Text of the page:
Part of paleo is about experimentation and discovery.  This winter I started experimenting with going to the solarium….better known as the tanning salon.  That’s right, I went to the tanning salon.  Really courting medical controversy here.  So here’s why I went.

My initial reason was to get a base layer and avoid a sunburn in Mexico.  I had signed up for the MovNat course in Mexico in mid-January, and it seemed prudent to get a base layer to make it less likely I would burn in Mexico.  Sun burns are what cause the most damage to your skin and most increase your chances of skin cancer.  My sessions were purposefully short duration (<7 minutes) and low intensity, and so I needed to do a few of them before I got a noticeable tan.

Healthy Vitamin D levels decrease your overall chances of getting cancer.  My reading of the literature indicated that 1) it’s extremely difficult to get sufficient Vitamin D from food and even supplements, 2) the deadly forms of skin cancer are more rare than generally thought, 3) they don’t seem connected to sun exposure per se (sun burns are the more likely culprit), and 4) and your higher chances of getting skin cancer are far outweighed by the cancers you avoid by getting enough Vitamin D.  Use of a tanning bed — with the right UV frequencies — has also been shown to increase Vitamin D levels.  As for a few more wrinkles as I get older, that seems to be true, but I just don’t care.  For an excellent overview of what we know about the sun, Vitamin D, and cancer, watch this video by Dr. Michael Holick at BU.  (He doesn’t endorse tanning.)

My mood improved immediately.  I don’t know what to say, it just did away with the winter doldrums.  The first time I went was in early January in New York City.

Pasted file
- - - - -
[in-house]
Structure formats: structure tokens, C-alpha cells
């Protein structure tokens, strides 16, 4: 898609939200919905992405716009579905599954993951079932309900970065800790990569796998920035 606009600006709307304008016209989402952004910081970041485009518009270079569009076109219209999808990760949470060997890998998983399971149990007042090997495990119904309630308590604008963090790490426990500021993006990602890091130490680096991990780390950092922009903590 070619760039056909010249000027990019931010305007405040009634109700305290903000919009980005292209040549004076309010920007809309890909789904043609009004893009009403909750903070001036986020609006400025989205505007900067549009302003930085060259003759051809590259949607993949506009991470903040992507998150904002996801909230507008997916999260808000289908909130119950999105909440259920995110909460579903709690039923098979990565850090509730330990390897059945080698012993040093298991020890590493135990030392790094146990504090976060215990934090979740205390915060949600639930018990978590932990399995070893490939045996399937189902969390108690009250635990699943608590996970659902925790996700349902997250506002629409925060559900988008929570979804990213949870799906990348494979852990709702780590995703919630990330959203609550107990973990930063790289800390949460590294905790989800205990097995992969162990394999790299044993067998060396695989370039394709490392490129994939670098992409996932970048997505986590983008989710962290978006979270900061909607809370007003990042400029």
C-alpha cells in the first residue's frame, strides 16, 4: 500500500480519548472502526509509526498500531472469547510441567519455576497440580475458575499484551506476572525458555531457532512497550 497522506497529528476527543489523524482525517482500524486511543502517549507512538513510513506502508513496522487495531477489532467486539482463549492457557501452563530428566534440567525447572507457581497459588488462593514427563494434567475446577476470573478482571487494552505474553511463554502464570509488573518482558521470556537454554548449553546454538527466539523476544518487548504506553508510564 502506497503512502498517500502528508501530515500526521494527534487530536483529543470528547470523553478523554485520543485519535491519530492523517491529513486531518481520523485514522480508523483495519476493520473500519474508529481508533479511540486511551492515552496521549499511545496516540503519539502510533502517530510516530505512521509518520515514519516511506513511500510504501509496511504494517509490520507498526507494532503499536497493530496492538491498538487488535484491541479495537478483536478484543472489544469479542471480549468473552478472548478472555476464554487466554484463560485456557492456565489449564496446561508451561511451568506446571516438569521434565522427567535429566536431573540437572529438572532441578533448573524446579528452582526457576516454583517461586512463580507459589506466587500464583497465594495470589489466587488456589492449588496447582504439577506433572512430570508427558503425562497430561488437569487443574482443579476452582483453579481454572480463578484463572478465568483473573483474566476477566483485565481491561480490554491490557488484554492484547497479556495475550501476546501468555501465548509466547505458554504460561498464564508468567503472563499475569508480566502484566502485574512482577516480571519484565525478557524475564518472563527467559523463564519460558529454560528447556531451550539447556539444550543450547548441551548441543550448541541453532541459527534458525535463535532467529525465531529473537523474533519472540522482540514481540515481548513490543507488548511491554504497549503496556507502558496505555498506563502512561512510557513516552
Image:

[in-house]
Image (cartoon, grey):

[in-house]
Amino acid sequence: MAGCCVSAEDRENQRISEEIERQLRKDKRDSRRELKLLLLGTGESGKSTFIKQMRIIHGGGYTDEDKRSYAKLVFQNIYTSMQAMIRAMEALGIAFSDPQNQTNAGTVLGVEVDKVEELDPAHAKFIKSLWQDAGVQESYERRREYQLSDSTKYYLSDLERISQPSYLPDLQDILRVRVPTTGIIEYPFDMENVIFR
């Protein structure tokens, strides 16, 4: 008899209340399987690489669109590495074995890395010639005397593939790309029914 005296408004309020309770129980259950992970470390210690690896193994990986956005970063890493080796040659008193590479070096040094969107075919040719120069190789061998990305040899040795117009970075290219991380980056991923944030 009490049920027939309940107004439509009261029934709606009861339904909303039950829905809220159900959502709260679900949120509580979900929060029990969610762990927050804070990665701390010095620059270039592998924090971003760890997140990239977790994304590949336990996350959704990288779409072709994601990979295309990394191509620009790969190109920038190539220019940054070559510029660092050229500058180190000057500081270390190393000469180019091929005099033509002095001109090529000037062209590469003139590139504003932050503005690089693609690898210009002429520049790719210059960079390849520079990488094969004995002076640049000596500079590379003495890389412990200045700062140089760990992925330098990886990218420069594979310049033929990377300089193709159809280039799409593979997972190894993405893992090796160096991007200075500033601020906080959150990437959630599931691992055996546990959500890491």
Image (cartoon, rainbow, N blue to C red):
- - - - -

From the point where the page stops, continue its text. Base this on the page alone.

Now, would it better to get moderate sun exposure?  Yes.  Would it be better to have a UV solution in winter that mimicked natural sun light? Yes. Is it a good idea to go to the tanning salon to get burnt to a crisp in 10 minutes?  No, of course not. 

Who could benefit most from going to the solarium?  People with dark skin.  Dark-skinned people are adapted for an equatorial environment with enormously high sun exposure all year round.  It’s as if they are wearing high SPF skin block all the time.  They need more sun to generate the same amount of Vitamin D as a fair-skinner person.  So black people who live in high latitudes or who live near the equator but are covered up all the time are particularly at risk.  Bad news for burqas — blocking out the sun is causing rickets and osteoporosis in Middle Eastern women.  From the abstract:  

"Despite ample sunshine, the Middle East (15°-36°N) and Africa (35°S-37°N), register the highest rates of rickets worldwide. This is in large part explained by limited sun exposure due to cultural practices and prolonged breast feeding without vitamin D supplementation in the Middle East, and by dark skin colour and calcium deficiency, rather than vitamin D deficiency, in several countries in Africa. Both regions also have a high prevalence for hypovitaminosis D, the latency disease for osteoporosis, and the main focus of this discussion."
Wouldn’t it be ironic if the first tax enacted as part of the health care plan was actually counter-productive?  I’d be willing to wager that the 10% tax on tanning salons caused a net decrease in the health of African-Americans.  (Not sure how many actually go.)